Marcus StricklandIdiosyncracies: Saxophonist Marcus Strickland is already a proven leader and composer, but he strengthens his legacy in this trio setting.
Guilherme MonteiroAir: Understated Brazilian elegence from a tasteful young guitarist.
Rick Germanson Off The Cuff: Brisk and fluid, Germanson and his crack trio make it sound vital and interesting.
Steve Kuhn Trio with Joe LovanoMostly Coltrane: Despite a misstep or two, there’s no denying that Kuhn has captured the spirituality of his old boss rather well.
Hailey Niswanger Confeddie: Hot bop from an amazing young talent. Now this is my idea of a teenaged phenom.
David Berkman QuartetAlong Came Betty: Berkan and his foursome capture the cozy nightclub ambience perfectly.
John PatitucciRemembrance: Loose performances by three virtuosos alone make this record worth the purchase.
Dan MorettiTres Muse: Muscular, lean sax jazz that takes no prisoners.
Joe MartinNot By Chance: Martin with Chris Potter, Brad Mehldau and Marcus Gilmore. You can’t go wrong, there.
Benny ReidEscaping Shadows: Methenyesque in all the right places.
Linda OhEntry: A rare debut where the artist wastes no time firmly establishing her own sound.
Wayne Wallace¡Bien Bien!: Wallace makes a seriously fun Latin jazz record centered around his trombone.
Ben AllisonThink Free: Allison makes his jazz rock, but not too hard.
Stefano BollaniStone In The Water: A quietly powerful record of piano/bass/drums worthy of the ECM standard.
Anson Wright and Tim GilsonUkiah’s Lullaby: A great rapport between guitarist and bassist, and good-to-great songs make this one a keeper.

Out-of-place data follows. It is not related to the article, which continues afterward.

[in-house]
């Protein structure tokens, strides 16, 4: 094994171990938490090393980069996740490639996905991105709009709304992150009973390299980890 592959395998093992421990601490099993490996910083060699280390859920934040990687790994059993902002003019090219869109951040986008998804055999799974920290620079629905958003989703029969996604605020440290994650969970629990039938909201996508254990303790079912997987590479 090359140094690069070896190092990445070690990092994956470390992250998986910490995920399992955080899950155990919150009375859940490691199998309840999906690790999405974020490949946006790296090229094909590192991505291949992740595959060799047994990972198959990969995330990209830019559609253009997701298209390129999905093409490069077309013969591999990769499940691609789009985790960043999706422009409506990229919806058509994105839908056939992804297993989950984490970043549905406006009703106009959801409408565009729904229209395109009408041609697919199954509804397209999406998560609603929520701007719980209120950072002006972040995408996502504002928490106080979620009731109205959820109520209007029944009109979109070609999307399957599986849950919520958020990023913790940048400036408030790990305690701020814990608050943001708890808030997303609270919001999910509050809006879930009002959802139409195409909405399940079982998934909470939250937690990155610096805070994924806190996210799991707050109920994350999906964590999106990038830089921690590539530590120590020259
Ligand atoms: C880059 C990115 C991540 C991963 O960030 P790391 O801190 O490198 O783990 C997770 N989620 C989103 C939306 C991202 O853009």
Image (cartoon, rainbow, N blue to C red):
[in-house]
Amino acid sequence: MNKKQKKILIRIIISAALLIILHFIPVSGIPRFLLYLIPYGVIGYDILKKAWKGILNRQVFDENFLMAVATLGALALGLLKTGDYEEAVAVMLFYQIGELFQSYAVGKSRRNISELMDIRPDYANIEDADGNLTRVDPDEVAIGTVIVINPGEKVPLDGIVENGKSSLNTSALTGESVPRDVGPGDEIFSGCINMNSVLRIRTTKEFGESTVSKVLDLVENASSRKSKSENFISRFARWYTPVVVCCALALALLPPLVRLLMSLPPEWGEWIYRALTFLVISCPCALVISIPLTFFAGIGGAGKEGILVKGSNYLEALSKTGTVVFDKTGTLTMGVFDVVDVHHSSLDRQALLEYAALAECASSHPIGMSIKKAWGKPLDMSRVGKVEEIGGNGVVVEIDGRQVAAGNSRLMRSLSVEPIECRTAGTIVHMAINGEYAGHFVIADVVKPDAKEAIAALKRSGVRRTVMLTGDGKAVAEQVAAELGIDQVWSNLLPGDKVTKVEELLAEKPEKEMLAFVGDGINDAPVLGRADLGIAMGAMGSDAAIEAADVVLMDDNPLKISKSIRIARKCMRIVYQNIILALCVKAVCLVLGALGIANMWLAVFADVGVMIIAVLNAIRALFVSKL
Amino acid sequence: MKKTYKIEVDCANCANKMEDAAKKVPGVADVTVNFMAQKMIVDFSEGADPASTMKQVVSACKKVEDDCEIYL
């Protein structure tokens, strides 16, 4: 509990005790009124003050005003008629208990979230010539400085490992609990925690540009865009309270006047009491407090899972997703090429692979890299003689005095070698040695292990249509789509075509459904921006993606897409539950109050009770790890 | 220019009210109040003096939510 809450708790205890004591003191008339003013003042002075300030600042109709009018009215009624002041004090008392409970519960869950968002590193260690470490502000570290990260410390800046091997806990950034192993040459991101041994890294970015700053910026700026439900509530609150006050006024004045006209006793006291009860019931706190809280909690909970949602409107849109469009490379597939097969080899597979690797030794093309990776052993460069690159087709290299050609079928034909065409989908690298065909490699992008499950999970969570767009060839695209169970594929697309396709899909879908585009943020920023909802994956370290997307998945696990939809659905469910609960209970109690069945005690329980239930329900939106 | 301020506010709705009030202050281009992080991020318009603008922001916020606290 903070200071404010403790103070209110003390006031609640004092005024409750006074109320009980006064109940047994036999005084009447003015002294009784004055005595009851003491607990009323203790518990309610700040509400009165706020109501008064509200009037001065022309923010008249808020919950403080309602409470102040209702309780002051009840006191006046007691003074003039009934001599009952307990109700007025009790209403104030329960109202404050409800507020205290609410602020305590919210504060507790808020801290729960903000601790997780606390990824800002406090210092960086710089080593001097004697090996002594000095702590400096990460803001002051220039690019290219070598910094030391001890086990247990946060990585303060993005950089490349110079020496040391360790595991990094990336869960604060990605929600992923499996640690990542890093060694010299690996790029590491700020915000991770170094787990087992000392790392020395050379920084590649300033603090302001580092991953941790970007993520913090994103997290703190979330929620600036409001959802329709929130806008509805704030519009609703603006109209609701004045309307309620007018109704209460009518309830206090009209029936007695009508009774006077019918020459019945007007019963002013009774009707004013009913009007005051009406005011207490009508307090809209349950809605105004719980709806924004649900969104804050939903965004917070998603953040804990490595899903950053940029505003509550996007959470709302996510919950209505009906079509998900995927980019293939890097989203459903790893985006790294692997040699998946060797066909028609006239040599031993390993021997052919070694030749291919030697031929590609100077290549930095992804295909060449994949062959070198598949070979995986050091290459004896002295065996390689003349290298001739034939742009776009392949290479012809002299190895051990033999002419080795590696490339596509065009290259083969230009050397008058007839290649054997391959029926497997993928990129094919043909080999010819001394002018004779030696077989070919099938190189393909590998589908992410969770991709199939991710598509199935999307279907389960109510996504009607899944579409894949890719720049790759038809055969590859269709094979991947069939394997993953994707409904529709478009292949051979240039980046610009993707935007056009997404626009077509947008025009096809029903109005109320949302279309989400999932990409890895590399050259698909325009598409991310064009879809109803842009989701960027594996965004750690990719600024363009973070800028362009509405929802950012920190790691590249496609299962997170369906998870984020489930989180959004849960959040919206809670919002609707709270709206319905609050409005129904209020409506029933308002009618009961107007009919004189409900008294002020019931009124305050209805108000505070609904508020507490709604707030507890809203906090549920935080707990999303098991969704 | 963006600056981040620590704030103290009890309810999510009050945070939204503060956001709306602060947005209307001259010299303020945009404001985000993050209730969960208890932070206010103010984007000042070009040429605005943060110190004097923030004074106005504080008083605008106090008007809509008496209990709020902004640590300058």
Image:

Randy IngramThe Road Ahead: Snazzy arrangements, sharp performances and tight compositions add up to a highly recommended album.
Joey DeFrancescoSnapshot: Next to Dr. Lonnie Smith’s Rise Up!, this live date is about as good as organ jazz got in 2009.
Ramsey LewisSongs From The Heart: Ramsey Plays Ramsey: We know that he can play, but who knew that Ramsey was such a great composer?
Jeff PresslaffRed Goddess: Just a tad unconventional but plenty approachable.
Alex Terrier New York QuartetRoundtrip: An intelligent but very lyrical record.
Mario Adnet/Philippe Baden PowellAfrosambajazz: A superb recasting of the music of one of Brazil’s great 20th century composers.
Jon IrabagonThe Observer: This award-winning sax player shines with a stellar band and stellar engineering.
Eric AlexanderRevival Of The
: Alexander has gotten really good at evoking the tenor sax legends without impersonating them.
Vijay Iyer TrioHistoricity: Wasn’t covered on this site, and that’s a big whiff. Iyer’s very modern approach carries on the spirit of the Esbjörn Svensson Trio.

NEXT: Whack Jazz…